Data Protection vs Health Care Emergencies

There are many myths about privacy/data protection, but the most dangerous is the one that says ‘privacy/data protection gets in the way of saving lives.’ This is false, but the misunderstanding of data protection rules has led some officials being reluctant to disclose important personal health data for fear of repercussions. It has also led critics to mistakenly insist that data protection laws are too prescriptive, and governments should ease them to save lives. The truth is that privacy and data protection laws permit disclosure of personal data in cases where it is deemed necessary for individual health and public safety.

The Law makes specific provision for the collection, use and disclosure of personal data by medical professions for medical purposes. It also permits the same for purposes of protecting public health. This means that in circumstances where an individual requires urgent medical treatment, anyone with custody of personal data relevant to that treatment may disclose it to a health professional. In addition, appropriate officials may process the health data of individuals for ameliorating a public health emergency.

If you have custody of personal health data and someone requests it for providing treatment to an individual or for managing a public health emergency, you can disclose it to them. All you need is for them to be able to demonstrate that disclosure of the personal data is necessary to preserve and protect health and that the requestor could fulfil that purpose. If you are unsure, consult your data protection officer or our office. If there is no time to consult anyone, it is likely better to err on the side of caution to save lives. If you operate in good faith to the best of your knowledge, it is unlikely that you will suffer any negative repercussions.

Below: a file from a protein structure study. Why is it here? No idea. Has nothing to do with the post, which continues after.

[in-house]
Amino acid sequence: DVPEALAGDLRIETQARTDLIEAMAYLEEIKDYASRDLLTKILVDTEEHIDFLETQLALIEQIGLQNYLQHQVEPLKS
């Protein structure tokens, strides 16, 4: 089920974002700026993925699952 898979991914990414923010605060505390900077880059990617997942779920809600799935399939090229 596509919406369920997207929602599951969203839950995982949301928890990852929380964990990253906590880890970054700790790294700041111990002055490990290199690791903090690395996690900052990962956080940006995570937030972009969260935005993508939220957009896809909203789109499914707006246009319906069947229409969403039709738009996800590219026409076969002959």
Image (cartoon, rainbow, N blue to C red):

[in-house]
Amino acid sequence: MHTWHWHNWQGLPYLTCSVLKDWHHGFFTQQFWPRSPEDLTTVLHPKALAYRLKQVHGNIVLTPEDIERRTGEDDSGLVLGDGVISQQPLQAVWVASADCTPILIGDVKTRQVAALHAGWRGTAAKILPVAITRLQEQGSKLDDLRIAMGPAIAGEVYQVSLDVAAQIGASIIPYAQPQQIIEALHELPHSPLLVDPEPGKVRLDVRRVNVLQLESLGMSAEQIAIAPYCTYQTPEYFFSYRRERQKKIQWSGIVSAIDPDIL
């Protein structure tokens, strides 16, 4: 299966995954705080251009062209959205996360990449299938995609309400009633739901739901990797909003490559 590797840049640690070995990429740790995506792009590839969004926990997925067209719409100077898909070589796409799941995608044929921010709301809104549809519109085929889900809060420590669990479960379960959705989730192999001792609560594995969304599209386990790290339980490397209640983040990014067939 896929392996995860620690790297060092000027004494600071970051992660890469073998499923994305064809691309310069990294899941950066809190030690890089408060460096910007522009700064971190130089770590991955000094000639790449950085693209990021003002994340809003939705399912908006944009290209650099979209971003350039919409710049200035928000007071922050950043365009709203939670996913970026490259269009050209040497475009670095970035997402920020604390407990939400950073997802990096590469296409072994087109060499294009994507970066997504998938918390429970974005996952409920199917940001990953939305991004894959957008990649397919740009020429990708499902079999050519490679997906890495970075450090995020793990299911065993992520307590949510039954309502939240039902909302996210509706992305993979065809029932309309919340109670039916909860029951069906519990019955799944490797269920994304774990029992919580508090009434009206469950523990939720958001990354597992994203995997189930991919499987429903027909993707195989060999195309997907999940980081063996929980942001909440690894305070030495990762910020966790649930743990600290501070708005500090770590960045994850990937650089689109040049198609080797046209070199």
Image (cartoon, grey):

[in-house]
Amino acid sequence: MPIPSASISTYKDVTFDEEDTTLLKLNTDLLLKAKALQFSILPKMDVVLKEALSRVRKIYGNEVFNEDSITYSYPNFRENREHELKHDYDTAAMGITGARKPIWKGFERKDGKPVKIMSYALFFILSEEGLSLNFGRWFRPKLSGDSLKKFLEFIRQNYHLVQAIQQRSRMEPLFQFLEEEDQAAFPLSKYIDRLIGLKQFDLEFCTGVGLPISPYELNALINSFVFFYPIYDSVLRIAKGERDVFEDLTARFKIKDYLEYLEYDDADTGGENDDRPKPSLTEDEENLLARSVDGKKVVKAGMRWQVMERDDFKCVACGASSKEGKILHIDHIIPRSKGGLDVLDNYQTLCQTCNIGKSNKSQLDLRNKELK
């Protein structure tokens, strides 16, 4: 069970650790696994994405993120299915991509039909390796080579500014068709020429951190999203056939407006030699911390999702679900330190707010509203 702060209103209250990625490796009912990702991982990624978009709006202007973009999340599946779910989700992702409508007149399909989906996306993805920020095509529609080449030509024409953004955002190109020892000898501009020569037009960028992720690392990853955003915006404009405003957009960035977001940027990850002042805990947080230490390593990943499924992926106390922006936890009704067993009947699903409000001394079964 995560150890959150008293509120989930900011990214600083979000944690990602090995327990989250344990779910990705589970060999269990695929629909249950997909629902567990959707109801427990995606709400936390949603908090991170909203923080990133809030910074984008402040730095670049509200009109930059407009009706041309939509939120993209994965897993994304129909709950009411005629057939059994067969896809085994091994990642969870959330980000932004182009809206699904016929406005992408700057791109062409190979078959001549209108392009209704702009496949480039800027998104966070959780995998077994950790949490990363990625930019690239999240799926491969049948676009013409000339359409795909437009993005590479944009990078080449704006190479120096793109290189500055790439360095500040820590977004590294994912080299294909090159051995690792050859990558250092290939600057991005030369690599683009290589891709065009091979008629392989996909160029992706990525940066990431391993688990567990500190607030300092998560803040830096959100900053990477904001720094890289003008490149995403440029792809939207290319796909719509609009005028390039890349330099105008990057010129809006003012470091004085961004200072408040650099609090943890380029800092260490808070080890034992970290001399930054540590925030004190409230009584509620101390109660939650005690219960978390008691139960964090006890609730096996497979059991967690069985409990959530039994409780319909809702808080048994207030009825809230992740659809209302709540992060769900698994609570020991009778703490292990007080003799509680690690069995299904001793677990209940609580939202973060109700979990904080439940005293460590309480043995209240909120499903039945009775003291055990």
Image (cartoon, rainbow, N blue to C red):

Most jurisdictions across the world have had data protection laws in place for as long as 30 years (Jersey enacted its first piece of data protection legislation in 1987). We have collective experience of what has worked and where there have been unintended consequences. We have shared those experiences and refined our legislation and approach to regulation and enforcement accordingly. As a result, our data protection laws are sensible and consider virtually all of the circumstances where it is in the public interest to permit the processing of data. In any circumstance where you are in doubt, take the option that appears to be the most reasonable to you. It will almost certainly be the case that the data protection law will support that option. It certainly does where health and safety are concerned.